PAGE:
College of Liberal Arts and Social Sciences (CLASS) doctoral student Shine Trabucco has been awarded the Crossing Latinidades Mellon Humanities Fellowship by the Crossing Latinidades Humanities Research Initiative, acquiring funding for tuition, medical insurance and fees for the 2022-23 academic year and paving the way for her heritage dissertation research.
“I am excited and encouraged for future academic endeavors because of this involvement,” Trabucco said.“It is wonderful to have someone believe my work is good enough to be in academia and to know that I don’t have to be limited, that I am not excluded because of my ethnicity.”
Hispanics are the largest minority group in the United States. In her dissertation, tentatively titled “Returning to Roots,” Trabucco uses her research acumen and Latina/indigenous identity to explore her family’s lived experiences.
“The fact that people of color have been excluded for so long, the fact now that we finally have a space to conduct our research and a voice to tell our histories as Latina and indigenous people is important to me,” Trabucco stated. “This fellowship shows that there is space not only for the stories to be told but for our own perspectives to be included.”
Trabucco has gained insight and community awareness through involvement in various Hispanic-focused and Hispanic-led initiatives — as well as formed relationships with Latinx faculty from the University of Houston Department of History.
“As chair of the history department, I am exceedingly proud of Shine,” Nancy Beck Young said. “She is an amazingly talented and brilliant student, and I’m not the least bit surprised that she has been awarded the Crossing Latinidades Mellon Humanities Fellowship. I can think of no one more deserving.”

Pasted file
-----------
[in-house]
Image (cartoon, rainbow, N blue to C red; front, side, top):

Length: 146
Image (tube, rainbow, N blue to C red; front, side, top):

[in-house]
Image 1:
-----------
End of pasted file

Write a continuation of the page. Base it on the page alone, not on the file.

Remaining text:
Trabucco was awarded a one-year stipend of $30,000 from the Mellon Foundation to focus on research proposal writing and dissertation development, group research and faculty mentorship. This rigorous program targets professionalism, and Trabucco will participate in virtual workshops, meetings and gatherings to expand her project’s outreach and receive general support for its ideas and concepts.
Led by the University of Illinois at Chicago, the Initiative is a product of Alliance of Hispanic-Serving Research Universities (HSRU), a higher education consortium designed to increase opportunities for those historically underserved in higher education. Featuring 20 of the nation's top R1 research universities from nine different states, the University of Houston is one of the most recent universities to join the consortium.
The combined institutions enroll more than 766,000 students, one-third of whom are Hispanic. Targeting advancing social mobility and economic opportunities for Latino communities, the HSRU aims to double the number of Hispanic doctoral students enrolled at Alliance universities and increase Hispanic professoriate in Alliance universities 20% by 2030.
According to HSRU, currently less than 6% of graduate students are Latinx, and faculty representation ranges 5-7%. “By uniting these research powerhouses, we can truly make a difference and improve Hispanic representation in the highest levels of research across the country while also creating a diverse pipeline to fuel the workforce,” said President and Chancellor Renu Khator in the University’s announcement about joining the Alliance.